This is where good quality training or good text and tape tutorials tailored specifically to the needs of visually impaired users is crucial. With the best will in the world, a sighted trainer of sighted people using sighted methods often cannot grasp how a blind person must use alternative methods to achieving their goal and verify the results.

I remember the difficulties I had years ago learning to use the DOS DataEase database manager with a sighted trainer alongside sighted colleagues. One problem the trainer had no answer for was the difficulty I had reading the tables the program produced. Once halfway down a page, the table's contents disassociated from their heading. I later discovered that DataEase reports can be created in a variety of formats, including one in line by line format, which meant reading and understanding the report file was much easier than in columns.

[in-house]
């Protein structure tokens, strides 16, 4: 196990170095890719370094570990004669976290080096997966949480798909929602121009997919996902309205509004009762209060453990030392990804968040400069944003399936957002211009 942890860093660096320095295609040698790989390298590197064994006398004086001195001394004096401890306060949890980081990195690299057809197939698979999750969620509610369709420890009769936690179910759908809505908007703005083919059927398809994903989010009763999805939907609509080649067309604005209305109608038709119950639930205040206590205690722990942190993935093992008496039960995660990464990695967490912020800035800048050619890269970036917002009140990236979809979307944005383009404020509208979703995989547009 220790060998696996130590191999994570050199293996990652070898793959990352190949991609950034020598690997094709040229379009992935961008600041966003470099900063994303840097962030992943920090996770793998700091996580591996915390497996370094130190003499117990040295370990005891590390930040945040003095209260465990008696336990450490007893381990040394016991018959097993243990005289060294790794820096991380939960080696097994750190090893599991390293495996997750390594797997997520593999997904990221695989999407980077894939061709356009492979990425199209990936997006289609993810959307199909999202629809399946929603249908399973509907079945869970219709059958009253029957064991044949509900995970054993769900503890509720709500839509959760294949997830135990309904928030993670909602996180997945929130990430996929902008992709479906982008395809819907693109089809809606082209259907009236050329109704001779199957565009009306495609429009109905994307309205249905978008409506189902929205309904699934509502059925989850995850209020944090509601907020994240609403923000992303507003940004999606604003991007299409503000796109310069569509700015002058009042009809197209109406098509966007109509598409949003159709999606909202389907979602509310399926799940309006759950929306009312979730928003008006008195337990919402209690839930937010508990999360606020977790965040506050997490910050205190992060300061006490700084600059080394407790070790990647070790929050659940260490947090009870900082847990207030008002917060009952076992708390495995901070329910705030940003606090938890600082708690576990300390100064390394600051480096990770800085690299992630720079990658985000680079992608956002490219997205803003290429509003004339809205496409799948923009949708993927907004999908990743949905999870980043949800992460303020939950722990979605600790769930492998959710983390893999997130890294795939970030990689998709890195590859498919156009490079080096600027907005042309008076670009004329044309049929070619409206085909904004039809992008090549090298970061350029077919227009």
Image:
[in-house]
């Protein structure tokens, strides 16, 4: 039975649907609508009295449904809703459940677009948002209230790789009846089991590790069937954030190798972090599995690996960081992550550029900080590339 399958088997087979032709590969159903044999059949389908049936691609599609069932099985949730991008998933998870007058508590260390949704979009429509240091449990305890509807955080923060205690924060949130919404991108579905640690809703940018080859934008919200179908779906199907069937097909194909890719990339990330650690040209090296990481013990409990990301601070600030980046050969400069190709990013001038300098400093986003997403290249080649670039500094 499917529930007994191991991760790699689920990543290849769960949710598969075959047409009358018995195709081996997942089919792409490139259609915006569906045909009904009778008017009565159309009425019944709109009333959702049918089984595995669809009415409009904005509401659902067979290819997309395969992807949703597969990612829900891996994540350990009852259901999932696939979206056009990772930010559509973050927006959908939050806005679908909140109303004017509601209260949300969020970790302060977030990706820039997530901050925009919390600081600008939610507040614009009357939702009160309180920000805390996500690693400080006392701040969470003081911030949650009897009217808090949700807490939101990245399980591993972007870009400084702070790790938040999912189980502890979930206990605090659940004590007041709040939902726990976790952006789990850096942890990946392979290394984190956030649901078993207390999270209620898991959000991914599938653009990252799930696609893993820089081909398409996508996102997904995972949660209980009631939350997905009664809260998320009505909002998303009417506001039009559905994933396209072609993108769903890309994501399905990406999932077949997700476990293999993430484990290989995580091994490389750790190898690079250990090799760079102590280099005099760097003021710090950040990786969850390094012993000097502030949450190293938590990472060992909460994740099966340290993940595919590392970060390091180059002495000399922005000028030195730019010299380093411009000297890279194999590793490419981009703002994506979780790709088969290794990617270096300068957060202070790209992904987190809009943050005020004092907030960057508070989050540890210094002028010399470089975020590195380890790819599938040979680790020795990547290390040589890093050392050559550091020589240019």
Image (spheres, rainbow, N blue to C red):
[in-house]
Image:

When using mainstream software such as Microsoft Word, Excel, WordPerfect, TextBridge Millennium, Sound Forge or the main web browsers, it is more important to learn the general shortcut keystrokes and hot keys embedded in Windows programs than learn the hot keys of your screenreader.

By becoming dependent on the special keystrokes of a particular screenreader, you could find yourself unable to operate a machine with a different screenreader on it. For example shortcuts such as Control + O to open a file, Control + P to print, Windows key + M to go to the desktop, Tab and Shift + Tab to move through web page elements, will work on most Microsoft software and packages following Windows conventions.